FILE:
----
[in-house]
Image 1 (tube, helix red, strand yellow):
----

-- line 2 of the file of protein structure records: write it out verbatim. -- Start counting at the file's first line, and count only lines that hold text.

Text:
Image 1 (tube, helix red, strand yellow):